|Volunteers work in the garden at Central Grade Youth and Community Garden.|
Despite chilly temperatures and the constant threat of rain from the dark skies, Central Grade School was buzzing with activity on June 2 as teachers and faculty, parents, and students came together to celebrate their new school garden and participate in some spring planting.
The Central Grade community has constructed an impressive layout with bordering heirloom gardens, 12 raised beds filled with a variety of vegetables and herbs, and a teepee where kids swarmed, excited to put squash and pumpkin plants in the ground.
Among all of this activity were parents and teachers hard at work on the manual labor and keeping the kids organized. Sam Porter is a parent at Central Grade who has been instrumental in getting this project off—or in—the ground, but the garden’s history goes back to the early 2000s.
It was a “master idea,” said Allyn Cornwell, a longtime teacher at the school who joined forces with others to get a school garden started. “Little did I know it was going to be this large.” It was created with help from parents, teachers, and $10,000 raised by students, but faltered within a couple of years after volunteers left the area or lost interest.
It’s hard to imagine a lack of parent interest now as Sam Porter, Cornwell’s nephew-in-law, has inspired the community for a second try. He describes the lack of a garden as “educational sin” and laments the fact that the children “don’t know how to vote with their fork.”
Conversations about bringing back the garden had been ongoing for many years, but two years ago, Porter decided that enough was enough, and joined together with other families to get started.
“I was motivated to do this garden first for the kids…it was heartbreaking for my green thumb to not see these kids have any connection to a garden. And two, I wanted to build a fun project to build parent involvement [because] when the kids lead, the parents follow.”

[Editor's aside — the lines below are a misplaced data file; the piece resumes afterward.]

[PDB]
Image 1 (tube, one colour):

Porter has big dreams for the future of the garden: connecting to the youth-run Carter’s Compost to design their own compost system; constructing a farmers market stand in front of the school to be staffed by kids in summer programs; even a booth at the real farmers market.
“People will really fall in love with a school-led farmers market stand,” he said.
For now, the garden will remain a central part of the school community and he envisions a sign reading, “Take only what you need and please pick a weed,” to convey the community spirit.
Porter is working on creating a legacy so the project doesn’t fizzle out in a couple of years. He recruited Girls on the Run and local Girl Scouts to build the raised beds and has now approached the Girl Scouts with a five-year “contract” to use as “stewardship programming” for the garden.
There was an optimistic and hopeful air at Central Grade School as the community celebrated the new garden. Savannah Buist and Katie Larson of The Accidentals filled the area with their lively music and kids enjoyed cups of fresh lemonade and bowls of ice cream in the grass after finishing with the plantings. The parents and teachers continued to work in the gardens, struggling to clear out the very overgrown heirloom garden.
As a part of the heirloom garden, there is a Peace Garden and a pole stating: “May Peace Prevail on Earth.” It is projects like the Central Grade Youth and Community Garden, designed to inspire the next generation to think carefully about their place in the world, that make a sentiment like that seem possible.
Zoë McAlear is a summer intern with MLUI working in the Communications department. You can reach her at firstname.lastname@example.org.
|A circle of raised beds filled with vegetables and herbs.|
The 11 garden tours of the inaugural School Garden Week highlighted the work that schools and children’s centers have been putting in to their garden programs. Kirsten Gerbatsch, a FoodCorps service member with the Michigan Land Use Institute, coordinated this year’s school garden and was the organizer of the event at Traverse Heights Elementary, where they have a circle of raised beds filled with vegetables and herbs.
As school was dismissed, kids proudly brought their parents over to the garden to show them what they had planted. They were thrilled to learn that there were radishes and carrots ready to be pulled from the soil.
“School gardens provide an invaluable opportunity for young students to connect to the natural world, cultivate and eat fresh, healthy foods, and build their sense of place,” Gerbatsch said. “Gardens also make it possible for kids to apply what they are doing in the classroom to hands-on, tactile activities, which helps them to really learn.”